As a small-time no-budget indie producer, I've only once produced someone else's work, and I was also DP/camera on that set. I was a little more than DP, almost more like co-director, and I wasn't afraid to make suggestions, here and there, but ultimately, during the shoot, I did defer to him to have final say. Technically, as producer, I was boss. But as boss, I chose to defer authority on the set, because it made for a more productive shoot. I trusted him, and he delivered. :)

Have you seen "Super 8"? I have a hard time believing that Spielberg wasn't extremely hands-on for that production (probably mostly in pre, but whatever). That movie's got Spielberg written all over it.
I insist on being the “boss” on set. But I do not work in a
vacuum. I understand the needs of the producer and of the
production. I would never do anything to piss off a producer. And
I would never “battle” a producer.

Sure, I have disagreed with producers, I have fought with
producers, I have been fired and I have quit projects when we
cannot come to an agreement, but bottom line, it’s the producers
project. As the director it is my job to get on film (or tape)
what the producer wants.

There is nothing more foolish than staying with a “bad
communicator” just because you know no one else in the business.
This guy is going to walk all over you, make your life miserable,
make the shooting miserable and is very likely to make a miserable
movie. If you cannot hand over the reins when production starts
with full confidence then you are in for a miserable experience.
If you are battling for power you will never fully trust this
director will have the overall needs of the production in the

The reason I can be the “boss” on set is because I earn the trust
of the producer.
Thanks for your replies. All your answers and comments make total sense. In this new world of mine its hard to figure out what all these titles mean. I really don't give a shit what my title is, I just want to make a killer film. I want to be in on everything. He's a great guy, great director, don't think for a second that I'm upset with him. Just, in a pissing contest, I like to know where I stand. Filming an epic indie film this Summer. Hitting screens this winter! Feeling Lucky! Peace.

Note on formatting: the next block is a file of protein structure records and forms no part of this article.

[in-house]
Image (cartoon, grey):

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Like somebody noted earlier, if he's behaving this way now, just wait until production start -- it'll be multifold more difficult. You don't need to be lighting a fire under him, instead FIRE him. There are literally thousands of directors who already have the fire you're looking for. Dump this dud.
Ahem, uhh.... just thought I'd toss it out there...

I am an experienced low-budget director, with a feature under my belt. I don't live far from Philly, I fully-understand the producer/director relationship and am pretty good at communicating ideas (communication being arguably the most important job of the director). Summer is really slow at my "day job", so I can easily take a month or two off, and I'll work for cheap! :D
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Go to your local library, check out a book or two on "Motivation", see if there's something in there to make him do what you want.

I'll echo the others saying to find yourself a new director. If he's not into it, it won't get the attention it needs if it get's finished at all. That is, find a new one after talking. Politely let him know where you're at, what you're expecting and ask him if he can get it done. There's a real chance it may not have been communicated clearly. If not, no hard feelings. Let him know he's getting credit for the writing or whatever he's helped with so far and that you'll be hiring someone else for the project.

Don't burn a bridge. You obviously like the guy, even if he doesn't do this project he may be super committed to the next. I think it's true at any level, but especially the low/no budget level: you need people on the team who feel a sense of ownership of the project. When you own something, you do whatever it takes to make it happen. That's one of the main factors we consider when we ask people to be a part of our projects. We have have people at every level of the production "hierarchy" including PA's, AD's and camera ops who use the word "our movie" instead of "your movie" or "the movie" and the commitment and level of attention to detail you get out of them is amazing. Wouldn't trade it for anything.